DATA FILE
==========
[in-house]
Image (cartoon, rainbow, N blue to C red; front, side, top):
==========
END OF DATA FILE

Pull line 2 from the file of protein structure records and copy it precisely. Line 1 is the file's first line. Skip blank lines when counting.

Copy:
Image (cartoon, rainbow, N blue to C red; front, side, top):